Reading Program Aims to Motivate Students

Thousands of books are expected to be read by elementary students this summer, thanks in large part to Bartlesville Education Promise.

The nonprofit recently announced its first-ever Elementary Summer Reading Partners Program, a new service intended to inspire students to keep the book pages turning when school is out.

Some of the best reading teachers in Bartlesville’s school district are lined up as instructors for the program, which starts next month. BEP’s first-year goal is to have 500 students read at least one book each this summer.

“Research indicates that continuing to read in the summer helps students avoid regression that can occur when they don’t read,” said Dianne Martinez, executive director of the district’s elementary and middle schools. “This is truly a collaborative effort designed to motivate and inspire students to continue reading this summer.”

The sessions will be held at Hoover Elementary, Woodrow Wilson Elementary, Jane Phillips Elementary, Bartlesville Boys & Girls Club, and the Bartlesville Public Library. The program is made possible through funding from Bartlesville Education Promise and the Bartlesville Community Foundation, according to BEP chairman Martin Garber.

“The idea was actually the brain child of our board member Vanessa Drummond. I saw the announcement of a Bartlesville Community Foundation Flash Grant for $5,000 that was being offered, and I sent the announcement to our board of directors for ideas. Vanessa came back with the idea of a reading program,” said Garber.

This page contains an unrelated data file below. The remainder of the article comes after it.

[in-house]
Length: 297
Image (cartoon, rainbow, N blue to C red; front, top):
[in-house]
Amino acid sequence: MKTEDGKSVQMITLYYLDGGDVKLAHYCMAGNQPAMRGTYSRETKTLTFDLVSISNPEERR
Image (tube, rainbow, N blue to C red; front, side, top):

Indeed, Drummond was excited to hear about the Flash Grant and the possibility of using it to encourage reading and academic success.

“I thought about what could help make reading fun for kids over the summer. I love book groups for both adults and kids, because it helps make a fairly solitary activity a social one,” said Drummond.

Garber said that BEP has a special interest in helping to improve the reading outcomes for students in the third grade.

“Knowing we have a reading problem with third-graders, we decided to try and continue a program to promote reading throughout the summer,” said Garber, adding the program is open to all students.

By observing students reading at least one book this summer, teachers will have a better assessment of how the student will do in the third grade and allow BEP to provide added assistance once school starts next fall, Garber explained.

“Our teachers will be utilizing books from our partners, the school libraries, and we are purchasing a limited number of books that teachers will have to recommend to students,” he said.

Drummond added that it’s great to have some positive peer pressure around finishing and discussing a book.

“I hope the summer reading program will encourage kids to keep their reading skills up over the break and help develop a lifetime love of reading a good book,” she said.

According to Garber, this is the third year BEP has provided books to all six elementary schools in Bartlesville and the organization has provided about $3,000 in grants to provide books to several at-risk students who don’t have books at home.

“We also had a partnership with Friends of the Library, where they provided our elementary schools thousands of books that are elementary-appropriate,” said Garber.

For additional information about the Summer Reading Partners Program, including the schedules for each school, contact Therese Rawlinson, or Kirby Lowry,

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